**1** (10 points) Find the point of the ellipse
defined by

5 x^^{2} + 5 y^^{2} - 6 xy - 2 x - 2 y + 3/4 = 0

which is closest to the origin.

SOLUTION

The list of "candidate" points is determined by looking for constrained critical

points with Lagrange's formula. The objective function is the distance or,

more conveniently, the square of the distance from the origin,

f(x,y) == x^2 + y^2.

Lagrange's formula states that the constrained critical points are solutions of

Grad[f] == lambda Grad[g],

where g is the function defining the ellipse. So here:

2 x **i** + 2 y **j** == lambda ( (10 x - 6 y - 2) **i** + (10 y
- 6 x - 2) **j **).

This is equivalent to two scalar equations,

2 x == lambda (10 x - 6 y - 2)

2 y == lambda (10 y - 6 x - 2)

The next step is to eliminate lambda. As in some of the homework problems, the

efficient way to do this is to cross multiply by convenient factors. In this case,

multiply the first equation by y/lambda and the second by x/lambda, so that the

left sides are equal. (It is legitimate to divide by lambda since it is not 0 -

if lambda == 0, then x = y = 0, but this is inconsistent with the constraint.)

When we equate the right sides, we get:

10 x y - 6 y^2 - 2 y == 10 x y - 6 x^2 - 2 x.

The 10xy terms drop out and the equation simplifies to:

0 == 3 (x^2 - y^2) + (x-y) == (3 (x+y) + 1) (x-y)

There are two possibilities.

A. x - y == 0. If this is true, then y == x, and the constraint equation becomes

0 == 4 x^2 - 4 x + 3/4

which is a quadratic with roots x = 1/4 and 3/4. The "candidate" points are

(1/4, 1/4) and (3/4,3/4).

Obviously the closest point is (1/4, 1/4), and the distance from the origin is 1/(2 Sqrt[2]),

which is numerically about .353.

B. 3 (x + y) + 1 == 0, so y == - x - 1/3. Substitute into the constraint to

get a quadratic:

16 x^2 + (16/3) x + 71/36 == 0,

but this equation has no real roots, since b^2 - 4 a c < 0. Possibility B produces

no additional candidates.

**2**. (10 points - dang if this isn't like a homework problem from p.
902!)

Find the critical points of the function

f(x,y) = 3 y^^{3} + x^^{2} - 3 xy - 1

and determine their nature. If they are extrema, state whether local or global.

SOLUTION. Take the gradient and set both components to 0:

Grad[f] == (2 x - 3 y) **i** + (9 y^2 - 3 x) **j**

== 0 when y == 2 x /3 and thus 4 x^2 - 3 x == 0. The solutions of this are

(x,y) == (0,0) and (x,y) == (3/4,1/2)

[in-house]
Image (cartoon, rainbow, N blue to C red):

We can use the second derivative test (p. 898 in Grossman) to find that

(0,0) is a saddle and (3/4,1/2) is a local extremum.

Since f_xx > 0 at (3/4,1/2), it is a local minimum. It is not a global minimum,

since, for example,

f(0, -1000) = - 3,000,000,001 < f(3/4,1/2) = - 9/16

**3**. (10 points) Sir Isaac Newton is snowboarding on a snowy island,
which is

shaped like the graph of

z = f(x,y) := 1 - (x^^{2} + 4 y^^{2})/100

Distances are measured in k.m. and the sea is at height z=0. He is

currently at position

(x,y) = (6,1)

a) He drops his apple. Which direction does it roll? One of the most basic

ideas we have discussed is that the gradient points uphill. Apples roll downhill,

so that direction would be opposite to the gradient. The negative of the gradient

of f at position (6,1) is:

**v**apple = (3/25) **i** + (2/25) **j **

b) Find the formula for the (tangent) plane which contains his snowboard.

You were repeatedly reminded that it was wise to know the formula for a

normal vector to a surface z == f[x,y],

**N** = - f_x **i** - f_y **j** + **k** = (3/25) **i**
+ (2/25) **j** + **k**

for this function. The plane is oriented perpendicularly to this vector

and passes through the 3D point (6,1, 0.6). (You plug (x,y) == (6,1)

into f to find the height 0.6 .) The formula for the tangent plane is

(3/25) (x - 6) + (2/25) (y - 1) + (z - 0.6) == 0.

c) What is the nearest point of the sea which is also in this tangent plane?

There are several ways to answer this, but the easiest is to remember that the

direction from Newton to the nearest point of this plane in the sea is the negative

of the gradient. We thus have two equations:

i) The plane intersects the sea when z == 0, so

(3/25) (x - 6) + (2/25) (y - 1) == 0.6

ii) The line through Newton's position (6,1) in the direction of the gradient has slope

2/3 (y will increase by 2/25 when x increases by 3/25). Its formula is:

y == 2 x/3 - 3 (use point-slope and solve for y)

Now solve for the intersection:

`In[1]:= Solve[{y == 2 x/3 - 3, \`

In[1]:= Solve[{y == 2 x/3 - 3, \ (12(x - 6) + 8 (y - 1))/100 == 3/5}, {x,y}] 123 43 Out[1]= {{x -> ---, y -> --}} 13 13 In[2]:= N[%] Out[2]= {{x -> 9.46154, y -> 3.30769}}

Extra credit: From the point found in part 3, which way should Newton swim to

get back to the island?

There are two acceptable answers to the extra credit question.

1. Newton would swim "up gradient" (since the land is at a height below z level).

The gradient at the point found in part c) is

- (246/13)**i** - (344/13)**j** ,

or, numerically:

-18.9231**i** - 26.4615**j** ,

so he would swim in this direction.

2. If Newton consulted Lagrange, before beginning to swim he would solve

a more difficult problem before starting to swim: He would find the closest

point of the shore and swim towards it. This would mean setting up an

optimization problem to minimize the objective (x - 123/13)^2 + (y - 43/13)^2

subject to the constraint 1 - (x^2 + 4 y^2)/100 == 0. Mathematica can

find an exact solution to this with the command

`In[3]:= Solve[{2 (x - 123/13) == lambda (- x/50), \`

` 2 (y - 43/13) == lambda (- 2 y/25), \`

` 1 - (x^2 + 4 y^2)/100 == 0}, {x,y,lambda}]`

but it is long and involved. Extra credit will be given for setting the problem up

properly this way.

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